Participatory Video with Youth from Refugee and Immigrant Backgrounds in a Metro Vancouver Secondary School
This multi-year, ethnographic, qualitative case-study research explored possibilities for language and literacy learning through in-school digital media production (specifically, filmmaking) in popular new media genres (e.g., Reaction Videos, Video Podcasts) among nine newcomer students from refugee and immigrant backgrounds in a Metro Vancouver secondary school.
In collaboration with their teachers, and anchored in provincially mandated curricular goals, PhD Candidate Amir Michalovich facilitated participatory video production activities with groups of students during class time (in person and then online, due to COVID), in which they inquired about issues of interest and concern to them. He employed a play-based pedagogical approach, in which students rotated between the performance of various authentic roles (e.g., Director, Editor) along with scripts, props, and relevant actions, striving to create a space where errors, setbacks, spontaneity, risk-taking, as well as enjoyment, exploration, and choice could be pursued as part of learning.
Reflexive thematic analysis indicated several ways in which the digital media productions afforded students possibilities for language and literacy learning:
- the video production processes involved increased written production, including sustained attention to language in multimodal forms;
- students invested in and carefully edited their videos to make visible their imagined identities, e.g., through editing their speech and performance to express themselves as proficient and literate users of English;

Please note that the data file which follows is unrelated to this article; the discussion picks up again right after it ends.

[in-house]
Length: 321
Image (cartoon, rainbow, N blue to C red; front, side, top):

- students positioned themselves anew in storylines that troubled common deficit narratives and went beyond trauma stories, highlighting the creative and knowledgeable human beings they are, bringing rich arrays of assets, strengths and competencies that could too easily have been overlooked in print-based or language-dominant school work;
- students’ sustained engagement in the production processes could be explained by the potential social and economic capital they felt they were gaining from these digital literacy practices, and from the relationships of mutual dependence and accountability they developed with each other in their role performances.
This project was supported by the Canadian Social Sciences and Humanities Research Council Doctoral Fellowship and Insight Grant [435-2017-0338], as well as the University of British Columbia’s Public Scholars Initiative Award.
This website showcases a research project funded by the Social Sciences and Humanities Research Council (Insight Grant no. 435–2017-0338). The study has been reviewed by the UBC Behavioral Research Ethics Board (Certificate no. H17-01074), and the procedures were found to be acceptable on ethical grounds for research involving human subjects.